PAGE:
Personally, I think that Christian-Orthodoxy is waning, while spirituality/religiosity, in general, is waxing. ... [P]art of the potential trend toward a post-Christian America could be the result of "hybrid" religions: Buddhist-Christians, Taoist-Muslims, etc.... In the strictest sense, this does not jive with the orthodox claims of Jesus being the one true way, however, the positive aspects of Christianity and personal experiences amongst the populace indicate that mixing religious rituals and thoughts feels "right."I thought of J.Rat's comment as I was reading a NYT's opinion piece by Judith Warner. In it, she talks about growing up and observing Jewish Traditions. She went to an Episcopal school, and later in life, gravitated to the Unitarian tradition. Yet, she, her family, and her friend always come together to observe the Seder. Saith Warner:
I know there are a lot of people who view people like my friend and me as “confused.” And yet, I can tell you that she and I – and my somewhat striking number of other friends whose faiths are other than what they “ought” to be by virtue of their upbringing – don’t feel confused at all. Some of us just can’t find a home for ourselves in the categories of identity that make sense for other people. Some of us are defined by little bits and pieces of experience and belief that together form a mosaic that for us, at least, is coherent and whole.She concludes:
Having a very abstract sense of faith – or religion, or God, or whatever you want to call it – works perfectly for me.
Writing this ... I am thrilled at the prospect of later celebrating Passover with our motley Jewish-Catholic-Episcopalian crew, commemorating events we don’t believe in, confirming an identity that doesn’t quite fit, united in the love of one another.United in the love of one another. Like J.Rat. mused, it just feels "right."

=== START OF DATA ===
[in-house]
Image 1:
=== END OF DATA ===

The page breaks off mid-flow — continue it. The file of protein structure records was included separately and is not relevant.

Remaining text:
While Warner's story is touching and warm, this hybridization or syncretization of religion is creating a smorgasbord-like effect, where what feels "right" is chosen - a choice informed by our experience - from the differing traditions. This, rightly or wrongly, is affecting our approach to singular traditions, as we freely disregard disagreable tenets. And when we individually choose the format of our faith, the strength of religious tradition supplicates to emerging spiritualism. Like it or not, J.Rat is correct that this is one contributing factor, among a cacophony of factors, contributing to a post-Christian nation. But, hopefully, Warner's story gives face to this phenomenon, and we can understand and relate to her story.